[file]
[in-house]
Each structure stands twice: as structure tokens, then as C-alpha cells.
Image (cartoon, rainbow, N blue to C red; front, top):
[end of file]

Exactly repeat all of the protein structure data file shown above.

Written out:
[in-house]
Each structure stands twice: as structure tokens, then as C-alpha cells.
Image (cartoon, rainbow, N blue to C red; front, top):